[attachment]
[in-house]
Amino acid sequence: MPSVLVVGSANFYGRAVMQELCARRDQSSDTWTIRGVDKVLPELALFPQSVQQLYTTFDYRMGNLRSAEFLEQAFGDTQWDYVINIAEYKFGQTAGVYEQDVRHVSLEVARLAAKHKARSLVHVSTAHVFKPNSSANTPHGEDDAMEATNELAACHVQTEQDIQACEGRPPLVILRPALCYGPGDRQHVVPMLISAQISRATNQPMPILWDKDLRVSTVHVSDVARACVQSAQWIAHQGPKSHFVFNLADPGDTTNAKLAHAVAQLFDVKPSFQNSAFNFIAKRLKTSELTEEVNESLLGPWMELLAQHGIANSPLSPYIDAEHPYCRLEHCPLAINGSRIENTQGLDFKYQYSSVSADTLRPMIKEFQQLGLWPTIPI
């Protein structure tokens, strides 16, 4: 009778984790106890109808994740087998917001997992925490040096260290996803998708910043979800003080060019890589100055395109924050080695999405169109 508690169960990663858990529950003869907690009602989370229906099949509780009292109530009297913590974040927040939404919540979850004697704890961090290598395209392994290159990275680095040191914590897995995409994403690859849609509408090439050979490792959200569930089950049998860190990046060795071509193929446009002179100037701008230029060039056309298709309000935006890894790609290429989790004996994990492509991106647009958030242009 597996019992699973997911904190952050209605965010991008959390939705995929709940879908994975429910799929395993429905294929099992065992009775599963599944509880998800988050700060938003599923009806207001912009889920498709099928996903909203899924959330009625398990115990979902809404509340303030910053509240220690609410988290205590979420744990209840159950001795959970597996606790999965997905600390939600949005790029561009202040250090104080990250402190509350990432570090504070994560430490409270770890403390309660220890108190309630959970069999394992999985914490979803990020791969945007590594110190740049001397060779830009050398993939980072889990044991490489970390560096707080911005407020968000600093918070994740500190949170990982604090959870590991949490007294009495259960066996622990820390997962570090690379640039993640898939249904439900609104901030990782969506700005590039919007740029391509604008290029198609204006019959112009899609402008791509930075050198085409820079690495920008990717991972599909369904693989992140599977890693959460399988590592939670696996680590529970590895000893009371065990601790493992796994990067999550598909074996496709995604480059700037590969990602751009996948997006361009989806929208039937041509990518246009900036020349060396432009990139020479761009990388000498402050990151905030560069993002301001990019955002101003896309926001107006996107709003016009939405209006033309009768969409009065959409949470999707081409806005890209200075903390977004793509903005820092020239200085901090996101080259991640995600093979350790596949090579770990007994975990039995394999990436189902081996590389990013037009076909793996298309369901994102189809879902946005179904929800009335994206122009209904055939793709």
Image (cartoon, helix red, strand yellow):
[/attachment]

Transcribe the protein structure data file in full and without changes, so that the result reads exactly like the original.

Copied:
[in-house]
Amino acid sequence: MPSVLVVGSANFYGRAVMQELCARRDQSSDTWTIRGVDKVLPELALFPQSVQQLYTTFDYRMGNLRSAEFLEQAFGDTQWDYVINIAEYKFGQTAGVYEQDVRHVSLEVARLAAKHKARSLVHVSTAHVFKPNSSANTPHGEDDAMEATNELAACHVQTEQDIQACEGRPPLVILRPALCYGPGDRQHVVPMLISAQISRATNQPMPILWDKDLRVSTVHVSDVARACVQSAQWIAHQGPKSHFVFNLADPGDTTNAKLAHAVAQLFDVKPSFQNSAFNFIAKRLKTSELTEEVNESLLGPWMELLAQHGIANSPLSPYIDAEHPYCRLEHCPLAINGSRIENTQGLDFKYQYSSVSADTLRPMIKEFQQLGLWPTIPI
């Protein structure tokens, strides 16, 4: 009778984790106890109808994740087998917001997992925490040096260290996803998708910043979800003080060019890589100055395109924050080695999405169109 508690169960990663858990529950003869907690009602989370229906099949509780009292109530009297913590974040927040939404919540979850004697704890961090290598395209392994290159990275680095040191914590897995995409994403690859849609509408090439050979490792959200569930089950049998860190990046060795071509193929446009002179100037701008230029060039056309298709309000935006890894790609290429989790004996994990492509991106647009958030242009 597996019992699973997911904190952050209605965010991008959390939705995929709940879908994975429910799929395993429905294929099992065992009775599963599944509880998800988050700060938003599923009806207001912009889920498709099928996903909203899924959330009625398990115990979902809404509340303030910053509240220690609410988290205590979420744990209840159950001795959970597996606790999965997905600390939600949005790029561009202040250090104080990250402190509350990432570090504070994560430490409270770890403390309660220890108190309630959970069999394992999985914490979803990020791969945007590594110190740049001397060779830009050398993939980072889990044991490489970390560096707080911005407020968000600093918070994740500190949170990982604090959870590991949490007294009495259960066996622990820390997962570090690379640039993640898939249904439900609104901030990782969506700005590039919007740029391509604008290029198609204006019959112009899609402008791509930075050198085409820079690495920008990717991972599909369904693989992140599977890693959460399988590592939670696996680590529970590895000893009371065990601790493992796994990067999550598909074996496709995604480059700037590969990602751009996948997006361009989806929208039937041509990518246009900036020349060396432009990139020479761009990388000498402050990151905030560069993002301001990019955002101003896309926001107006996107709003016009939405209006033309009768969409009065959409949470999707081409806005890209200075903390977004793509903005820092020239200085901090996101080259991640995600093979350790596949090579770990007994975990039995394999990436189902081996590389990013037009076909793996298309369901994102189809879902946005179904929800009335994206122009209904055939793709």
Image (cartoon, helix red, strand yellow):